Taylor Swift’s blockbuster ‘1989’ rerecording tops sales of original
By Ben Sisario
Exactly nine years ago, Taylor Swift made a huge splash on the music charts with “1989,” the album that represented her full transformation into a mainstream pop star. With 1,287,000 sales in the United States, it was the biggest start for any album in more than a decade and affirmed Swift as a mega-selling force.
Since then, Swift has scored eight more No. 1 albums. But incredibly, she has now topped the first-week total of her original “1989” with a remake of the same LP. It starts at No. 1 on the Billboard 200 chart with the equivalent of 1,653,000 sales in the United States — the biggest opening sales week of Swift’s career — and 3.5 million around the world, according to Republic Records, her label. It is the biggest debut for any album since Adele’s “25” eight years ago, which started with nearly 3.4 million in the U.S., a number that remains unsurpassed.
“1989 (Taylor’s Version)” is Swift’s 13th No. 1 album and her sixth to have more than 1 million sales in a single week — more than any other artist since at least 1991, when Billboard’s charts were first based on reliable sales data. It also caps an extraordinary year for the pop star, who has saturated nearly every corner of popular culture.
The new “1989” is Swift’s third title to reach No. 1 in 2023, after an expanded version of her last studio album, “Midnights” (2022), returned to the top spot in June; “Speak Now (Taylor’s Version),” the last installment in her project to rerecord her first six studio albums — an effort to reclaim her music after the sale of her former record label — arrived in July. Her Eras Tour has been a record-breaking phenomenon, expected to gross well over $1 billion in ticket sales by its finale next year. Her movie “Taylor Swift: The Eras Tour,” released last month, easily became the biggest concert film of all time. And let’s not even get into how Swift has lifted NFL television ratings.
When the original “1989” came out, it was not available on streaming services. Swift was then one of a number of prominent holdouts who kept her music off the new format, over concerns about its financial model. Since then, of course, streaming has taken over the music business, and Swift has long since made her music available on all major platforms. But “1989 (Taylor’s Version)” still outperformed the original in old-fashioned sales, thanks in part to her canny marketing of collectible physical media — a strategy now widely used across the pop world but perhaps most effectively by Swift, rapper Travis Scott and an array of K-pop acts.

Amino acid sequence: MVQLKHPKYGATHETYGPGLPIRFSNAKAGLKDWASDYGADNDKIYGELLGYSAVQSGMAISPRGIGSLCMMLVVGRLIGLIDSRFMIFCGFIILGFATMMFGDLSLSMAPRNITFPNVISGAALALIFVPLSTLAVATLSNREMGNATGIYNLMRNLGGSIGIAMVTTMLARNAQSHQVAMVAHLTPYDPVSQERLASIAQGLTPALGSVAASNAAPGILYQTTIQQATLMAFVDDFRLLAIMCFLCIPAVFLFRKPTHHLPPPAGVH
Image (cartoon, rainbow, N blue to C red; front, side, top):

Of the 1,653,000 “equivalent album units” attributed to the new “1989” — a composite number that Billboard and its data partner, Luminate, use to reconcile sales and streams — 1,359,000 were for sales of albums, surpassing the total for the original “1989.” The new album sold 693,000 copies on vinyl, the largest week of sales for that format since at least 1991. It also surpasses Swift’s own vinyl record of 575,000 for “Midnights,” a year ago.
“1989 (Taylor’s Version)” sold 554,000 copies on CD, the biggest weekly number on that format since Adele’s “25.” According to Billboard, the new “1989” was available in 15 versions on physical formats, including five colored vinyl variants, eight CDs and two cassettes.
In addition, “1989 (Taylor’s Version)” had 375 million streams, the most in a single week for any of Swift’s four rerecorded albums.
Also this week, K-pop ensemble Seventeen opens at No. 2 with “Seventeenth Heaven,” an eight-track release that the group calls its 11th “mini-album,” which sold 98,000 copies on CD. Drake’s “For All the Dogs” is No. 3, Bad Bunny’s “Nadie Sabe Lo Que Va a Pasar Mañana” is No. 4, and Morgan Wallen’s “One Thing at a Time” holds at No. 5.